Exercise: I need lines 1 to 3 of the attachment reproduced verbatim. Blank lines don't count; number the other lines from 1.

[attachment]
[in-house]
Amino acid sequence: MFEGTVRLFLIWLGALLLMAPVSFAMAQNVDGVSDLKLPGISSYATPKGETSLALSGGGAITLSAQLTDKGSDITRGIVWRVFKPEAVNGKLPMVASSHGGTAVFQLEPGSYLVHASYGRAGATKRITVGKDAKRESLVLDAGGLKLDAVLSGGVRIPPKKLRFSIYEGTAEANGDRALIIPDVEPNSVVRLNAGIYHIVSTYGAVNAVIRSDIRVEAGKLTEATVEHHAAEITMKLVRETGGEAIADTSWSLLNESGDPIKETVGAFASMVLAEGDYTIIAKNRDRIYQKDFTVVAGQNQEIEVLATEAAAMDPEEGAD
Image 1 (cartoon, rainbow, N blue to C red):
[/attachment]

[in-house]
Amino acid sequence: MFEGTVRLFLIWLGALLLMAPVSFAMAQNVDGVSDLKLPGISSYATPKGETSLALSGGGAITLSAQLTDKGSDITRGIVWRVFKPEAVNGKLPMVASSHGGTAVFQLEPGSYLVHASYGRAGATKRITVGKDAKRESLVLDAGGLKLDAVLSGGVRIPPKKLRFSIYEGTAEANGDRALIIPDVEPNSVVRLNAGIYHIVSTYGAVNAVIRSDIRVEAGKLTEATVEHHAAEITMKLVRETGGEAIADTSWSLLNESGDPIKETVGAFASMVLAEGDYTIIAKNRDRIYQKDFTVVAGQNQEIEVLATEAAAMDPEEGAD
Image 1 (cartoon, rainbow, N blue to C red):